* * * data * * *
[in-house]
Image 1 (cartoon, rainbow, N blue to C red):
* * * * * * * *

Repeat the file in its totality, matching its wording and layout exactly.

[in-house]
Image 1 (cartoon, rainbow, N blue to C red):